Sunday, 31 August 2014

The Lancet devotes an issue to China

The Lancet this week has China has its theme, and includes many interesting articles on a wide range of topics around medicine and health in China. 

There's a huge amount of material there and I don't really know where to start in reporting it all. The articles cover everything from China's medical education system, the challenge of non-communicable diseases and even a couple of clinical research articles on pulse oximetry for screening newborns for cardiac disease. For me, the most interesting article is one on the recent change of course in China's health reforms to put emphasis on private hospitals. The authors of the review, from Oxford and Harvard universities, say this move is a retrograde and negative step that will run counter to many of the other recent reforms that aim to encourage equity and more efficiency in China's user-pays hospital based system.

The Lancet also includes several articles on the theme of preventing chronic diseases such as obesity - a very timely issue as China becomes more wealthy and starts to see the same lifestyle diseases such as diabetes that are already so common in more developed countries.

For me the other interesting section in this China-themed Lancet is the letters page. There are several letters from doctors in China commending the journal for highlighting the problem of violence against medical staff in China - and all put the blame on the underfunded health system and overworked doctors. On a related theme, doctors in China also lament the drop-off in applications for medical school - few young Chinese want to become doctors these days, as it is seen as a difficult and dangerous job that requires many years of study for little reward.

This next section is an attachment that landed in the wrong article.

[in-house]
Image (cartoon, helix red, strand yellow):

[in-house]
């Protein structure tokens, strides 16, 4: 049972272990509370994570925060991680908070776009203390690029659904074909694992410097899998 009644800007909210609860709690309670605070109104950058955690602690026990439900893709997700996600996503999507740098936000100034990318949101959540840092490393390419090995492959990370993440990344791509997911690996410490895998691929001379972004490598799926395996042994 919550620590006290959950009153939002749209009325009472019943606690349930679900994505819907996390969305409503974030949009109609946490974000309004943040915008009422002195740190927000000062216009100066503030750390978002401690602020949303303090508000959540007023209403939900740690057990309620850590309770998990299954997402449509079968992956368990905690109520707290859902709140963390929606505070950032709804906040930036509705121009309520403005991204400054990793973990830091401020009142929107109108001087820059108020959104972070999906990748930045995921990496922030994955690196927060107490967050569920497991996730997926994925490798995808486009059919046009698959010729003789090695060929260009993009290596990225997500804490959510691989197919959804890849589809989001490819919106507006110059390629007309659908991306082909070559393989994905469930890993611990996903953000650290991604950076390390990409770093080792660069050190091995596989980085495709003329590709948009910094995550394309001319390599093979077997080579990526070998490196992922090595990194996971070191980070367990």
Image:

And any coverage of the medical situation China would not be complete without comment on the difficult status of organ transplantation. Quite a few doctors take issue with a recent Lancet article claiming that 'a new era' in organ donation is about to begin. They point out that China has about 200,000 require an organ transplant but there are only about 2000 donors. Read the full article to find out why.

My only criticism of the Lancet China issue is the too-deferential interview with China's health minister Li Bin, who gets to trot out all the claims of progress with reforms, without really being challenged about the many problems and contradictions with them. Oh, and the omission of any coverage of primary care [or lack thereof] in China ...

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